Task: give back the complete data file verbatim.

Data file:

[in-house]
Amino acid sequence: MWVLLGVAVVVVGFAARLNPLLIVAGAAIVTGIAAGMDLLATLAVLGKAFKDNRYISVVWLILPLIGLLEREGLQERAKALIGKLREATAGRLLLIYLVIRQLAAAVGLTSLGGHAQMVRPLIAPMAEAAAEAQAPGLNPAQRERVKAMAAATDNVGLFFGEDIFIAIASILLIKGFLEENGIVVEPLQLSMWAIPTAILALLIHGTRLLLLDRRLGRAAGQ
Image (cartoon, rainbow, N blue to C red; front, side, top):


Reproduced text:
[in-house]
Amino acid sequence: MWVLLGVAVVVVGFAARLNPLLIVAGAAIVTGIAAGMDLLATLAVLGKAFKDNRYISVVWLILPLIGLLEREGLQERAKALIGKLREATAGRLLLIYLVIRQLAAAVGLTSLGGHAQMVRPLIAPMAEAAAEAQAPGLNPAQRERVKAMAAATDNVGLFFGEDIFIAIASILLIKGFLEENGIVVEPLQLSMWAIPTAILALLIHGTRLLLLDRRLGRAAGQ
Image (cartoon, rainbow, N blue to C red; front, side, top):